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Climate COP, 10 Dec 2014, Lima Peru

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An estimated 20,000 people from all across the globe marched from Campo de Marte through the streets of central Lima today, with calls for “cambiemos el sistema, no el clima!” (system change, not climate change!)  This, as world leaders at the 20th Conference of Parties to the United Nations Framework Convention on Climate Change (UNFCCC COP 20), now midway through the 2nd week of negotiations in Peru, struggle to resolve huge difference on how a new climate agreement will look like in Paris COP 21 next year.
Now touted as being the “largest march in Lima” in a long time, the People’s Climate March was participated in by a diverse group of indigenous peoples, workers, women, farmers, youth, elderly, and faith communities, together with representatives of non-government organizations. The march was an integral part of the Cumbre de los Pueblos (People’s Summit), an alternative process for civil society and social movements towards the construction of another model of development, one that respects the limits and regenerative capacities of Mother Earth and tackles the structural causes of climate change.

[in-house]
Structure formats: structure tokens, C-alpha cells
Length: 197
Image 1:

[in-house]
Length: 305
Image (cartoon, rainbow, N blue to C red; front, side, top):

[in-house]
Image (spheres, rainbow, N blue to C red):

The march concluded in a huge program in downtown Lima, where different speakers spoke out loudly against corrupt governments that work in collusion with transnational corporations and international financial institutions, the resistance and struggle of people against destructive infrastructure projects and dirty energy, and increasing human rights violations and criminalization of environmental defenders.
The march, according to organizers, was not meant to urge Ministers to forge any deal in Lima, but a just deal that will actually address the root causes of runaway climate change, and which upholds the principle of “common but differentiated responsibilities” (CBDR).
Much later in the day, a group of around 500 local and international activists who came from the People’s Climate March denounced the “corporate capture” of the United Nations by demonstrating in front of the Hilton Hotel, where a meeting between big business and government representatives was taking place to “address climate change.” ###